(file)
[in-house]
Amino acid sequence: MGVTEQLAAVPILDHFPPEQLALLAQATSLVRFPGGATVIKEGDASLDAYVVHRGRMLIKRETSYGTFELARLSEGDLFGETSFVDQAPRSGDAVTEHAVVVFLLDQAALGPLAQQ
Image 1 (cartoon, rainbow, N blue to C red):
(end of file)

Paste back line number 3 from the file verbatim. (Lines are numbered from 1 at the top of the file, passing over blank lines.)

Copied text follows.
Image 1 (cartoon, rainbow, N blue to C red):